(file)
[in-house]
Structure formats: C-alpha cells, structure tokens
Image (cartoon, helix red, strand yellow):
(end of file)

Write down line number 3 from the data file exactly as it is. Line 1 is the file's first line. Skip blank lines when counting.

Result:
Image (cartoon, helix red, strand yellow):